Overcoming the disconnect posed by distance learning starts with quality leadership in the virtual classroom.
Graduate student Sajal Islam of the physics, astronomy and materials science department at Missouri State University has proven he has such leadership skills.
He recently received Missouri State’s Certified Distance Educator Award and the department’s Outstanding Teaching Assistant Award for his work as a teaching assistant.
Dr. Kartik Ghosh, distinguished professor of physics, is Islam’s advisor.
Building a career in teaching
Islam began his teaching career in his home country of Bangladesh.
He worked in several institutions there, including as a GRE faculty at Graduate Resources Enhancing Center (GREC) and as a course instructor at Shyamoli Ideal Polytechnic Institute.
Islam found attending MSU offered new opportunities and mentorship.
This includes the guidance he has received from Dr. Robert Mayanovic, department head of PAMS.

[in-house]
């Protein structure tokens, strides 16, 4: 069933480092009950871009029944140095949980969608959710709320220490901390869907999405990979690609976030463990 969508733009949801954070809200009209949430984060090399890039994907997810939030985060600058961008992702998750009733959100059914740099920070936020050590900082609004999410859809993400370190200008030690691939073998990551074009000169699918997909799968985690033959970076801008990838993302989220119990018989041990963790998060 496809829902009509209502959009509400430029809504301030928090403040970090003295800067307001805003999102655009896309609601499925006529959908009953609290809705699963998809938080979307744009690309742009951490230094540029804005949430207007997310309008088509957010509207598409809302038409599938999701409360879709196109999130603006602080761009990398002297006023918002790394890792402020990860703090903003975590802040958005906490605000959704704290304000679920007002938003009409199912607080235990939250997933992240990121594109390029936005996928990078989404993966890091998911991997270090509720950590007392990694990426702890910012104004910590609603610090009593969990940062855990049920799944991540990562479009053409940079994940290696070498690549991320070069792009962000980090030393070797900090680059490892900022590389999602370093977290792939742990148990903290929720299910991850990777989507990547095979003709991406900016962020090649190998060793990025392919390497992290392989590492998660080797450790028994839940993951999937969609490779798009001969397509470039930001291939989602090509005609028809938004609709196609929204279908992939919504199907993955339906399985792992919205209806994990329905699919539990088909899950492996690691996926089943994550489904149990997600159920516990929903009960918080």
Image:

“Dr. Mayanovic has taught me the value of quick communication and showing students genuine care,” he said.
Staying connected to students
Islam considers constant communication with students to be key to quality instruction.
He stays in touch with his over email and discussion boards.
As an additional source of contact, Islam encourages students to schedule one-on-one meetings or to visit him during his office hours, he shares.
“I try to respond to my students’ requests as instantly as possible, even if to schedule a meeting for later,” he said. “I want them to get the help they need when they need it.”
Islam knows connecting with students isn’t just about correspondence.
It also results from making them aware that they are not alone in the education process.
“One of my goals is always to help students understand that they should never have to hesitate to ask questions,” he said. “As a fellow student myself, we all are learning together.”
Furthering growth in education
Islam will graduate from MSU this summer.
He plans to then pursue a doctoral program in materials science and engineering at the University of Texas at Dallas.
While that time may bring a new school and degree program, Islam knows he will maintain his love of teaching fostered at MSU.
“The teaching experience and recognition are things that I will always cherish,” he said. “Having the awards will remind me of the memories made during my time at MSU.”